A diagnostic thoracentesis is needed for the management guidance of parapneumonic pleural effusion. In general, a parapneumonic effusion should be sampled if It is a free-flowing and layers greater than 10-mm on a lateral decubitus film. Radiological guidance of thoracentesis by ultrasound or chest computed tomography (CT) in some cases is helpful especially when the effusion is loculated. The aspirated pleural fluid is subjected to:
More appropriate investigations should be performed to exclude other causes of pleural effusion when indicated.
Treatment of parapneumonic effusion includes appropriate antibiotic therapy together with drainage of pleural fluid as indicated.
Parapneumonic effusion is classified into 4 groups based on risk for the poor outcome:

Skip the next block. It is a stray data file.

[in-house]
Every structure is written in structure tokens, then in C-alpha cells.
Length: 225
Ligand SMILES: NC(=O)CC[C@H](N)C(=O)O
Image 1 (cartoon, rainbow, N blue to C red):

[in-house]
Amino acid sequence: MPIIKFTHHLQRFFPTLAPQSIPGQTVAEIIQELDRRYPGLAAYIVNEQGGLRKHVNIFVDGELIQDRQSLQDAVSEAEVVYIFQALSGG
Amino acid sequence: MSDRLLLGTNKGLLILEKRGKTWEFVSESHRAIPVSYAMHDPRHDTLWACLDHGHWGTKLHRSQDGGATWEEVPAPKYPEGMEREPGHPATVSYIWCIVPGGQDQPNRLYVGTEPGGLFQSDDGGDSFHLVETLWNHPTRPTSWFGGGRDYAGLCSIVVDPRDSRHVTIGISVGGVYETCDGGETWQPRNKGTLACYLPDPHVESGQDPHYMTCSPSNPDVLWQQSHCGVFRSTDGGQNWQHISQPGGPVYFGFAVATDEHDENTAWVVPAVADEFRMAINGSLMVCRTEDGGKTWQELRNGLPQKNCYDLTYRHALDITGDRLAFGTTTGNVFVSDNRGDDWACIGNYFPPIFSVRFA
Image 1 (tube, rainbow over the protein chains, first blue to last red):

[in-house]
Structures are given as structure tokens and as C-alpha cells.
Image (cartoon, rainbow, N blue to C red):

Patients with category 1 and category 2 may not require drainage. In patients with category 3 and 4, drainage is recommended. Fibrinolytics, VATS, and surgery may be indicated for managing patients with category 3 and category 4 parapneumonic effusion not responding to less invasive drainage methods.
It must cover the suggested causative organisms of pneumonia according to the clinical setting. The duration of antibiotic therapy depends on many factors, for example, the sensitivity of the organism, extent of pulmonary parenchymal and pleural disease, response to initial therapy and adequacy of drainage.
Chest Tube Drainage